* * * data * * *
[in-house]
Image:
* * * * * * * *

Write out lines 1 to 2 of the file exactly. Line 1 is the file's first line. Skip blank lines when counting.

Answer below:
[in-house]
Image: